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Saturday, July 4, 2009

Lure of British properties

For the past several months, Malaysians have been toying with the idea of having a bit of England, predominantly London, to call their own. Be it aspirational or otherwise, they have cited several compelling reasons for that interest.

The first is the drop in property prices in Britain. The second is the devaluation of the British pound. A third is their children, who are studying there.

Added to the above is Britain’s base lending rate, which has fallen to 0.5%, the lowest “in decades”. Although unemployment is expected to climb to 3 million from the current 2.5 million (unemployment rate: 7.1%) and the economy looks bleak for the next few years, there is a strong interest internationally because of the currency advantage.

Buyers are from the Middle East, Europe, Ireland, Russia, Asia and Africa.

Jones Lang LaSalle director and head of residential James Thomas says that because the majority of London’s seven million population are from outside London, there is always a demand for housing.

Between now and 2026, about 33,000 extra households are expected to be added annually to the current 3.8 million there today, he says.

On the interest shown by Asians, Thomas says there was a time before the 1997 Hong Kong handover when London was considered a safe haven. That was when the Hong Kong and Singapore buyers featured very strongly. Today, Malaysians do not want to be left out.

“When property prices began to escalate in 1998, many felt the city was getting too expensive. They changed course and bought in Asia. Now, there is a resurgence of interest from Asia.

“Singaporeans and Malaysians generally buy within London and they prefer new properties rather than second hand where maintenance will be higher. New properties means modern facilities, car parking area, concierge, a lift, double glaze and comfortable cooking facilities. The older properties don’t have the facilities and lack security.”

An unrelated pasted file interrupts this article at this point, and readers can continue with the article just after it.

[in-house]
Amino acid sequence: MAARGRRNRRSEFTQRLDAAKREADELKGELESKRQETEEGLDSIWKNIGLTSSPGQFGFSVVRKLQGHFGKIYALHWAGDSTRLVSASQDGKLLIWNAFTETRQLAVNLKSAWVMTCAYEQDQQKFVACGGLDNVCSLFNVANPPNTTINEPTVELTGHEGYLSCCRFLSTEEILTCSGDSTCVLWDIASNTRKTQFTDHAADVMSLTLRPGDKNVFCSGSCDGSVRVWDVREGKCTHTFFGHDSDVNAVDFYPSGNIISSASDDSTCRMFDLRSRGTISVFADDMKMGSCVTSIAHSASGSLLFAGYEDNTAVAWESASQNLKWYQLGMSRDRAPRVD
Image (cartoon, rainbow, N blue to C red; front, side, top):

Thomas says the interest is typically for houses worth £400,000 to £1mil with one to three bedrooms. Asians tend to like places which have nearby amenities, access to the underground and near universities. Some of them look at areas around Chinatown, he says.

Interest from Malaysians emerged when the pound dropped 28% in the last quarter of 2008. The pound dropped from about RM7 to £1 before the fall of Lehman Brothers to an all-time low of RM5 to £1. Although it has clawed its way up today to RM5.80 to £1 (a drop of 17%), the thought of having a bit of London continues to be enticing.

They have called real estate agents, attended exhibitions which have made their way to Kuala Lumpur and some have gone over to check out the sites. On the supply side, British developers are making their way to India, Hong Kong, Singapore and some to Kuala Lumpur.

The questions buyers ask are where and what to buy? Holding these two questions together is the all-paramount teaser – is it time to buy?

Before going further, London property prices are not representative of Britain, anymore than Kuala Lumpur is of Malaysia. Even in London itself, there is the prime central London and the Greater London location.

Since March this year, Russians, Middle Easterns, South Africans and Europeans, especially the Italians have invested billions in prime and greater London area, says Savills, one of Britain’s largest property agencies.

This does seem rather exciting from a property consultant’s perspective, especially when the number of transactions have halved over the last year.

Says its director Edward Lewis: “A lot of the activities are driven by equities.

People are hesitant but they are beginning to see the opportunities; the locals don’t have it quite as exciting because they do not have the currency advantage.”

There are today three schools of thought whether it is time to buy. The first is that there may be room for prices to fall further. A second view is that the sector is picking up. The third is that, London is still London, and now is as good a time as any.

Thomas says the trend in price falls has eased considerably this year and may even be turning to positive growth although this is too early to say.